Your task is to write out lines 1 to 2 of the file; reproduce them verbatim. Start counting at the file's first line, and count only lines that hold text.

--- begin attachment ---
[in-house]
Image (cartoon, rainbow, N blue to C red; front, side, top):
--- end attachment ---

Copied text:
[in-house]
Image (cartoon, rainbow, N blue to C red; front, side, top):